How Have Florida’s Gun Laws Changed Since Parkland?
Today marks the one-year anniversary of the Marjory Stoneman Douglas High School shooting in Parkland, Florida. On Feb. 14, 2018, former student Nikolas Cruz killed 17 students and faculty members, and injured 17 others, in one of the deadliest school shootings in U.S. history.
From national marches to voter registration drives to school walkouts — most recently on election day — the Parkland teenage survivors managed to energize millions of young people to call for gun law reform.
A year later, national lawmakers have done little to nothing when it comes to gun control. But Florida’s gun laws have seen a number of revisions.
Here are Florida’s most notable gun proposals since Parkland.
Just weeks after the Parkland shooting, then Florida Gov. Rick Scott signed into law a bill known as the Marjory Stoneman Douglas High School Public Safety Act, which imposed a three-day waiting period for gun purchases and raised the minimum age to buy a firearm from 18 to 21. This provision has received pushback from the National Rifle Association, or NRA, which argues that it’s unconstitutional.
The bill also allows for the arming of some school employees. Named the Coach Aaron Feis Guardian Program, after one of the faculty members who died at Stoneman protecting the lives of students, it allows school staff who are not exclusively teachers to be trained to carry guns on the job as campus “guardians.” Staff must undergo 132 hours of comprehensive firearm safety training, pass a psychological exam and successfully complete random drug tests and ongoing firearm training.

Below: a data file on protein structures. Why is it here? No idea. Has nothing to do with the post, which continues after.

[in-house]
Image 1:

The act contains a provision (dubbed a “red flag law”) grants law enforcement the ability to seize firearms from anyone deemed to be a danger to themselves or others.
Bump stocks are devices that can be added to firearms to give them the capabilities of an automatic weapon. These accessories increase the rate of fire for semiautomatic weapons.
A bill was passed in October 2018 that bans the sale, transfer and ownership of bump stocks. It also outlines the possession of such accessories as a third-degree felony. Finally, it calls for the relinquishment of bump stocks for those who own them.
If enacted, this bill will take effect beginning on July 1, 2019. It prohibits the carrying of any weapons, lethal or not, on school campuses with a few exceptions.
Firearms may be carried on post-secondary school campuses only if there is a school-sponsored function or firearm training, and only with advance permission from the school’s administration.
Other Proposals For the Upcoming 2019 Legislative Session
Arming Teachers would alter Senate Bill 7026 to add teachers and “contract employees” to the Aaron Feis Guardian Program. This bill has attracted opposition from groups such as the National Association of Secondary School Principals and advocacy groups like Moms Demand Action.
Licensed transactions requires that any transfer of firearms from one person to another be facilitated by a licensed dealer.
Protection of child care facilities prohibits licensed concealed weapons carriers to openly carry firearms in any child care facility.
Removal of waiting period removes the waiting period for handgun purchases, reduces the minimum age requirement for gun purchases back to 18 from 21, repeals the ban on bump stocks and repeals law enforcement’s ability to confiscate firearms.
Restrictions on where to carry guns outlines areas where licensed individuals are prohibited from carrying firearms, including college campuses, courthouses and jails.
Regulation of concealed weapons licenses designates the Department of Law Enforcement as the entity that regulates and collect fees from concealed carry licenses.
This story was written in collaboration with WFSU, a public radio station in Tallahassee, Florida.